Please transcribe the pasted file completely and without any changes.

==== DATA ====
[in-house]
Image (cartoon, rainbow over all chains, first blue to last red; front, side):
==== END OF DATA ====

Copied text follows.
[in-house]
Image (cartoon, rainbow over all chains, first blue to last red; front, side):